GBC discriminating against the north.

Feature Article of Friday, 19 April 2013

Columnist: Kunluki, Nasir Ahmed

I have observed with serious alarm the discrimination against our northern cultures being perpetrated by some people I will call “hawks” in the GBC hierarchy of late. In almost all organisation and societies, these type of people, who think they are there to promote a certain agenda for a section of the group are the cause of tensions and intergroup or inter-tribal conflicts in Africa.

With the democratic dispensation of the forth republic, it is quite clear that some people believe that majority rule should also go along with denying the rights of the minority. This is often a recipe for conflict and disaster. Majority rule will itself work well and the majority enjoy their rule if the concerns of the minority are not ignored. In successful societies, systems are put in place to get the views of the minority in order to address their needs before they become anything that will be a source of serious grievance.

I have put this article together because it has come to my notice that in recent times some hawks at GTV have in place a policy that all male news readers wear only clothes to read the news. Considering that people of northern origin make up at least a third of the population of this country, it is unfortunate that these people in the national television station which is financed by taxes from all the citizens of Ghana can take a decision that excludes the culture of the northern sector completely. This comes along with what I suspect to be little or no recruitment of northern male news readers for GBC TV. This is making us feel really second class citizens in the only country we can call our home. I am in no way saying people should not wear cloth to read the news, far from it; what I am looking for is equity. I am looking for recognition and a reflection of all our cultures on the nation’s TV station-GTV. I am also not saying we need a quota system, but no one can tell me that GTV news reader standards are so high that no northerner can make the grade. It is important that the station reflects the diversity within the country as much as possible. The people on TV are important role models and the north probably needs role models from all such diverse institutions more than most parts of Ghana.

Our first president, Dr Kwame Nkrumah, was one of the most patriotic Ghanaians of modern Ghana. In all his years, he sought to project the cultures of all sections of the Ghanaian community through the way he dressed. He didn’t lose his Ghanaian identity in anyway by doing that.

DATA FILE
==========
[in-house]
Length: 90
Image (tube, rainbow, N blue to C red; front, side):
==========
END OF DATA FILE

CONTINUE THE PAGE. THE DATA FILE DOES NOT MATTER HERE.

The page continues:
The smock for example is in no way inferior to the cloth in any form. The material of which smocks are made is probably as varied as any cloth variety. In actual fact the smock material is a cloth first and foremost which have been cleverly made into a smock. The smock is a design at par with the European suit and other designs that stand out to represent a people’s culture all over the world. It is versatile and in its various forms can be worn, as open and airy in the tropics or warm with arms in cold climates, and looks beautiful in all its forms.

For those who do not know it, smocks come in different forms with their individual names, with each type being used for different occasions and purposes in the northern communities.

While the average Ghanaian has taken to the smock and other northern attire for their beauty and versatility, some people at GBC TV are doing their best to denigrate them and by doing that denigrating the identity and culture of the entire northern people.

I am quite sure that the usual unsavoury comments will follow this article on the web, but it is not such people who should be deciding the policy of an organisation as important as the GBC TV. It is possible that discrimination against the north goes on behind the scenes in other sections of GBC in general. However, the TV news being a frontline service stands out. It is also evident that the few northerners who were reading the news have now been hounded out as part of this cultural cleansing.

Ghana at independence sought to fight for the rights of several peoples and nations beyond her borders. At that time, a lot of our leaders were advocating that we even change our names to reflect our African culture and identity. While our leaders had the foresight, so many years ago, to see the importance of the cultures of everybody as important, fifty six years after that independence we have some misguided personnel of GBC who are trying hard to obliterate the culture of an important segment of our community.

It is often said that diversity is the spice of life. If God wanted us all to be the same, He would have made us all one race, speaking the same language and with a unitary culture. God in His wisdom didn’t do that for a reason. He created different races with diverse cultures. Are the people at GBC TV saying they are better agents of creation and culture than God? This is a measure of sheer arrogance and intolerance on a grand scale. It takes courage to be tolerant. In other words, intolerance is the easy way to cheap popularity and is more a sign of cowardice. The new Director General at GBC must be held accountable for this state of affairs.